If this sounds ominously like I'm saying you have to sell a book before you quit, that's because I am. Don't quit the day job because you got a killer idea for a series, or because you're sick of work and you think writing would be more fun (it would - but that's not the point) or because you've finished your first book and your friends all love it. For that matter, don't quit the day the editor calls you and tells you that she wants to buy your first book. Don't quit the day you sign the first contract, or the day you receive your first advance. The best book I've read on being a professional writer, The Career Novelist, by agent Donald Maass, has an article describing when you should consider quitting your day job. Buy the book and read that for an in-depth analysis of when you're ready. In brief, though, and from my experience, you're safe to quit when:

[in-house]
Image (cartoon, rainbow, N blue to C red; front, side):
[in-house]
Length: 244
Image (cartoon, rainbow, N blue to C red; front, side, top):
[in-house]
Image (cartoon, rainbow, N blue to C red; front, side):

1. You're making as much money at writing as you are at the day job.
2. You've made that much money for at least a couple of years, and it isn't all in advances on books that you haven't written yet and won't be able to get to for a while. Most if not all of it should be in royalties, although mine isn't. This fact makes my life a lot hairier than it would be otherwise, but I can't tell you that you can't live off of advances. I can only tell you that you shouldn't.
3. You're getting royalties on at least some of your titles, and at least some of your books are being reprinted.
4. Your agent gets you a deal that will cover your finances for several years and guarantee your work for several books (if you follow the money rules above and don't get crazy).
When you reach that point, it's time for the next big obstacle. Telling your family.
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